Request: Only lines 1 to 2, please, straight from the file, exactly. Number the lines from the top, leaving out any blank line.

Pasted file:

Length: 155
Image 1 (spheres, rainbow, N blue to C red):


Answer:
Length: 155
Image 1 (spheres, rainbow, N blue to C red):